The company (Hexcel) also manufactures an interwoven wire fabric (IWWF) for lower-energy LSP zones, such as the fuselage. Small-diameter wires (phosphor bronze, aluminum, copper and more) are woven into carbon cloth to create a single-layer LSP system.


Toray Composites (America) Inc. (Tacoma, Wash.) offers a similar IWWF fabric, which was selected by Boeing for the fuselage of the 787.


About repairs after a lightning strike:
looks can be deceiving: “Sometimes, the outer surface burns look like pepper sprinkled over the paint.” Because every aircraft model employs a different LSP system, inspection and repair is model-specific.


https://www.compositesworld.com/articles/lightning-strike-protection-strategies-for-composite-aircraft
 
Pelly
Posts: 136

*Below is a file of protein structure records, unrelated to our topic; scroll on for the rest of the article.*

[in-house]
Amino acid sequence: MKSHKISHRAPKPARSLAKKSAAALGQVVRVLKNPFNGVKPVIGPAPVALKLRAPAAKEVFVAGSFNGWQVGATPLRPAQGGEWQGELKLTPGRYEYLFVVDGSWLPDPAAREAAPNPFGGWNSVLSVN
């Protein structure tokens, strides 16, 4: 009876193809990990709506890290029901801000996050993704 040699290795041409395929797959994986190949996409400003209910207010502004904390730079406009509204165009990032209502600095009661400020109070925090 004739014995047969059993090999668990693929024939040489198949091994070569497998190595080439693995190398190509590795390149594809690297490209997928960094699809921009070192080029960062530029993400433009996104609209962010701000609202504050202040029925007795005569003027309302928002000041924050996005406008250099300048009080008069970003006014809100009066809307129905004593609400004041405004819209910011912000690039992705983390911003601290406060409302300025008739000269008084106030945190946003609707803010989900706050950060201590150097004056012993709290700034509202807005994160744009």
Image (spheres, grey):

Joined: Tue Jun 14, 2016 8:13 pm

Re: Qatar Airways has grounded 13 A350’s at the request of the Qatar Aviation regulator

Thu Dec 02, 2021 2:03 am

zeke wrote:
.

Pelly wrote:
What doesn't stack up is some of the speculation like QR grounding the aircraft because of them not wanting to pay the leases on their grounded A350s


You also missed the bit about also having a reason not to take contractural delivery of their other A350 aircraft.



QR had already reached an agreement with Airbus to defer aircraft deliveries. "Qatar Airways has struck a deal with Airbus SE to delay delivery of airplanes due to the pandemic-induced travel downturn but remains in talks with Boeing Co about deferrals" (Reuters, 15 Sep 2020). If you have access to Cirium you will see that deliveries were re-scheduled to 2022 except for a handful of frames that were almost ready, of these frames QR accepted delivery of 3 on 23 Oct 2020 when the COVID situation was much worse and the remaining few were due many months later.